Shahbander weaves online network for Egyptian textile makers

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Less than a year after graduating from the AUC Venture Labs accelerator, Egyptian startup Shahbander is looking to take on the world.

Siblings Fatma, Mahmoud and Mohamed El Esnawy founded the startup in 2013 to help modernize the textile industry. They wanted to connect, via a website, factories with clients who wish to buy finished products.  

The site is still in prototype-mode, but Fatma says they’re four months from launching the real thing and after that they’ll be looking to link their 5,000 registered factories with the world - where exactly they didn’t want to say yet but Europe is on their radar.

The Shahbander founders. (Image via Sara Aggour)

A raw market, untouched by tech

For millenia Egypt has been known for its textiles, and the statistics bear out how important they still are to the economy.

Egyptian exports hit a total of $8 billion during the first five months of 2015 with $379.3 million coming were from the textile sector, according to the Ministry of Foreign Trade and Industry. The Egyptian government has set a target to increase textile exports to $2 billion, from $1 billion in 2014.

But despite it being one of the most promising sectors in Egypt, it remains untapped by technology.

Redesigning the textile industry

Shahbander was Fatma’s idea. After she unsuccesfully tried to help some friends find textile products online, she decided to branch out of the corporate life and start her own business and, using her four years experience in web development and design.

“No sufficient information could be found,” she said. “Even though some factories have yellow pages, information is often incorrect and out-dated.”

In late 2013, Fatma launched the business with her brothers and in early 2014 they began to take steps to grow it. In June 2014, the three founders joined the first cycle of the American University in Cairo’s incubator program Venture Lab and created a website prototype to test the market.

The website has two main types of users: textile factories wanting to gain exposure and register their information, and the general public or businesses that want to place orders for finished products.

Shahbander's prototype website.

The merchant’s experience

Mohamed Abdel Latif, co-owner of a textile factory named Mesk Al-Kabaa registered with the website seven months ago. He said his experience as a computer science graduate encouraged him to check what the website could offer.

“I already know how ecommerce can be beneficial to businesses,” Abdel Latif said, adding that he believed the website could help him connect with clients he wouldn’t have reached due to geographical barriers.

Abdel Latif, whose facility in the Delta town of Mahala has been in operation since 2010, said following his registration on Shahbander sales in Upper Egypt significantly increased.

“To me, this was an area that I couldn’t reach and couldn’t market myself in,” he said.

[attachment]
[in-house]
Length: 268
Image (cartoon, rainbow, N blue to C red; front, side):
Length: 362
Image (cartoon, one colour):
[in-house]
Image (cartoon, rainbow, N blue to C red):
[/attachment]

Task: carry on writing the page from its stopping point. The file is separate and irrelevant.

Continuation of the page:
On what improvements can be made by Shahbander to its merchants, Abdel Latif said the introduction of suppliers’ data should be the next step.

“Just like clients are looking for finished products, merchants are interested in finding raw materials that are necessary for production.”  

Ashram Industries, one of Egypt's largest privately held textile companies. (Imgae via Ashram Industries)

Investments and spending

At this stage revenue will come from a subscription service for factories which will provide them with both domestic and global market information, and website advertising.

Fatma said since the launch of the company the total expenditure amounted to only about $6,400.  

“We did everything related to marketing on our own and we didn’t really have a team working under us,” she said. “Most of the money was spent on marketing and our attempts to reach merchants.”

In February, the startup applied for a pitching competition that takes place every three months with the Ministry of Communications and Information Technology’s incubator, the Technology Innovation and Entrepreneurship Center (TIEC).

“After winning the competition, the company was given an office in Smart Village around three months ago,” Fatma said. “We get to stay in the office for nine months and maybe up to a year.”

The company’s budget with TIEC was set at just over $15,000 and will be spent under the center’s supervision.  

Fatma said once they’d finalized the business plan the company would be ready for the founders to talk to investors.

What the future holds

The founders are currently working on developing the website from the  prototype version.

Fatma said currently registration forms were accepted once the merchant provides an email address, however, some are not good at checking their inboxes or following up with it.

“This pushed us to allow registration through mobile phones,” she said.

Shahbander will also introduce new subscription options for merchants.

“We have three categories and we would like to vary the services the website offers for each one of them,” she added.

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